With employment in the construction sector showing a rise of 7.8% in the first quarter of the year, the CIF is cautioning against the worrying trend with regard to employment in urban hubs versus the regions.
The figures, released in late May of this year show a stark contrast between unemployment figures in Dublin, standing at 6.9 percent and regional locations, with the south-east unemployment rate standing at 12.5 percent.
Director General of the Construction Industry Federation (CIF), Tom Parlon welcomed the latest jobs figures: “these impressive jobs growth figures show that our members are now seen as a destination of choice for young people seeking careers. The industry that has emerged from the recession is very different to that of the past. Careers in construction are now globally transferable and very rewarding. We are seeing huge increases in areas such as project management, trades, management and increasingly marketing. Due to a lack of activity in the house building side for the moment-particularly in the regions – that must be addressed, employment growth is occurring in civil engineering, contracting and in trades as the industry ramps up to meet the demand of Ireland’s rapidly growing economy and population.
Our industry in particular is a major contributor to Ireland’s economic growth. We are now creating jobs at the rate of approximately 1,000 per month. We want to see this continue throughout the year and call on the Government and the new Minister for Housing to support our industry via infrastructure and employment policies. We have asked the Government to review the Public Capital Programme and announce time frames for existing infrastructural projects so that our industry can gear up accordingly and hire the right people with the right skills.”
CIF is also calling for increased capital investment budget, to fund the improvement of infrastructure around the country. The Construction Information Services recently compiled a report, which analysed the top infrastructure projects the transport, water treatment and flood defences sector. Speaking about their findings, Tom Parlon said, “The CIS analysis shows how capital investment has been ravaged by the recession. These projects are essential to economic growth and job creation in the regions and nationally. In the coming months, we’re hoping to engage with Government to develop alternative sources of funding for infrastructure. We hope to set out with Government a strategy outlining how our civil engineering, contractors and house-building members can contribute to addressing Ireland’s infrastructure deficit in an ambitious programme.”
The CIF believe that transport that improvements to transport infrastructure is paramount. They say that our travel infrastructure is critically important for special planning and economic development, but suffers key weaknesses, citing the need for completion of the regional network connecting urban centres like Waterford, Cork, Limerick, Galway and Sligo as an example.
Tom Parlon says that the Government’s plan to increase housing supply to 25,000 by 2020 will not happen unless key improvements to infrastructure are put in place. “Without a concomitant increase in capital investment in infrastructure, there is a risk that these houses will not be adequately serviced by road, rail, water and broadband. We risk creating unsustainable ghost communities in the regions. Unfortunately, reallocating investment from capital projects like national roads, rail and air transport, to housing related infrastructure will only exacerbate this issue.”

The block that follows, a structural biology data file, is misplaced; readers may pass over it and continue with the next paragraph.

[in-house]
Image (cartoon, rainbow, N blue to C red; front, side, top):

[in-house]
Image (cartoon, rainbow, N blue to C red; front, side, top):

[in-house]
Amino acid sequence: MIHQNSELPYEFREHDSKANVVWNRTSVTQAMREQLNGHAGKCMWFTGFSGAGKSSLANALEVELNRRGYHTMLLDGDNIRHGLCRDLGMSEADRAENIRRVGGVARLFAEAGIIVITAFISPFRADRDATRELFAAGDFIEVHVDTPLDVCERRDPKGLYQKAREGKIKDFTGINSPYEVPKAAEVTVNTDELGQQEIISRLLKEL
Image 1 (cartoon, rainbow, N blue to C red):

The CIF says that it wants to make the case for Government to increase its investment in infrastructure. They say that Ireland is 2nd last in the EU and 23 out of 25 in OECD for infrastructure spend; currently investing only 2% of GDP. The CIF has been calling for Government to increase spend in this area to 6-8% over the next decade.
The drop off during the recession was natural, says Parlon. However, a lack of investment has caused significant problems. “In 2010-2013, capital expenditure averaged only 4.8pc of the total, less than half the long term average during 1995-2008. General government spending on infrastructure averaged €3.8bn between 2013-2015, however, the annual depreciation of the government capital stock amounts to about €3bn. The EU Commission recently identified significant infrastructural deficiencies in transport, water and housing arising from this ongoing decline in investment.”
Tom Parlon and the CIF believe that the infrastructure is stymieing the development of the country, both in an economic and societal way. ““Infrastructure investment is now, by omission, profoundly shaping Irish society. In everyday terms, this manifests itself in housing shortages, decrepit road networks, unsafe water infrastructure, and a lack of broadband, particularly in the regions. The regions feel this deficit most, resulting in reduced economic activity and opportunity. Young people are voting with their feet and moving to Dublin and other urban centres. Currently, Dublin generates 40pc of Irish GDP and has 25pc of the population. London generates 20pc of the UK’s GDP and this is considered unhealthy. Employment growth is outstripping that in the regions and Ireland’s economy is imbalance. We welcome the Government’s upcoming National Planning Framework consultation as this is a perfect opportunity to set out how the construction industry can facilitate Irish economic growth and shape society over the coming decades.”
This article first appeared as part of the Irish building magazine ‘Leaders in Construction’ interview series 2016. Click here to read the entire issue
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